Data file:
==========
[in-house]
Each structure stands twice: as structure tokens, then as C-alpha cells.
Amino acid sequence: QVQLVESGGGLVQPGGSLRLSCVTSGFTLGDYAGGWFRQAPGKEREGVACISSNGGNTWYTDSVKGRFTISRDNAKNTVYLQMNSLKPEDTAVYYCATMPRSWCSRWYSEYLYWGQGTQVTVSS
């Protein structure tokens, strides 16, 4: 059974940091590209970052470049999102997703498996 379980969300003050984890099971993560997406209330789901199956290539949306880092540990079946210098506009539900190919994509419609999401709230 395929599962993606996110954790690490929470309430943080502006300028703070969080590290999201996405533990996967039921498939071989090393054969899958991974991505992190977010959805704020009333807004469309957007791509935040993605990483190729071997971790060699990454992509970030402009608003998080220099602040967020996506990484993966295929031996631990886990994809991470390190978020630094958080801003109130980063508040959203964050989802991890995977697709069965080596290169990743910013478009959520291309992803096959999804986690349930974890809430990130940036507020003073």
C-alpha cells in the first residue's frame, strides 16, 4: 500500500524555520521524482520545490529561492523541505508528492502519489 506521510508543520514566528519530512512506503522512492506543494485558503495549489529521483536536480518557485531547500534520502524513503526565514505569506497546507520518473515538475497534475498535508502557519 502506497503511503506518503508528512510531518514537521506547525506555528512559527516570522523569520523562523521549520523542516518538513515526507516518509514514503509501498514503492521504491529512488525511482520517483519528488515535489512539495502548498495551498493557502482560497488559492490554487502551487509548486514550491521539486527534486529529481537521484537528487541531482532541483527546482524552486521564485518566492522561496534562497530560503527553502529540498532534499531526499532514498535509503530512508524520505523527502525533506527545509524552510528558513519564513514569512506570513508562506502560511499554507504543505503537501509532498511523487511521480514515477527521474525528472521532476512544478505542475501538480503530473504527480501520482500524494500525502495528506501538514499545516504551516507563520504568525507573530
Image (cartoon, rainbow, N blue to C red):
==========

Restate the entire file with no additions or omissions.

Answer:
[in-house]
Each structure stands twice: as structure tokens, then as C-alpha cells.
Amino acid sequence: QVQLVESGGGLVQPGGSLRLSCVTSGFTLGDYAGGWFRQAPGKEREGVACISSNGGNTWYTDSVKGRFTISRDNAKNTVYLQMNSLKPEDTAVYYCATMPRSWCSRWYSEYLYWGQGTQVTVSS
């Protein structure tokens, strides 16, 4: 059974940091590209970052470049999102997703498996 379980969300003050984890099971993560997406209330789901199956290539949306880092540990079946210098506009539900190919994509419609999401709230 395929599962993606996110954790690490929470309430943080502006300028703070969080590290999201996405533990996967039921498939071989090393054969899958991974991505992190977010959805704020009333807004469309957007791509935040993605990483190729071997971790060699990454992509970030402009608003998080220099602040967020996506990484993966295929031996631990886990994809991470390190978020630094958080801003109130980063508040959203964050989802991890995977697709069965080596290169990743910013478009959520291309992803096959999804986690349930974890809430990130940036507020003073």
C-alpha cells in the first residue's frame, strides 16, 4: 500500500524555520521524482520545490529561492523541505508528492502519489 506521510508543520514566528519530512512506503522512492506543494485558503495549489529521483536536480518557485531547500534520502524513503526565514505569506497546507520518473515538475497534475498535508502557519 502506497503511503506518503508528512510531518514537521506547525506555528512559527516570522523569520523562523521549520523542516518538513515526507516518509514514503509501498514503492521504491529512488525511482520517483519528488515535489512539495502548498495551498493557502482560497488559492490554487502551487509548486514550491521539486527534486529529481537521484537528487541531482532541483527546482524552486521564485518566492522561496534562497530560503527553502529540498532534499531526499532514498535509503530512508524520505523527502525533506527545509524552510528558513519564513514569512506570513508562506502560511499554507504543505503537501509532498511523487511521480514515477527521474525528472521532476512544478505542475501538480503530473504527480501520482500524494500525502495528506501538514499545516504551516507563520504568525507573530
Image (cartoon, rainbow, N blue to C red):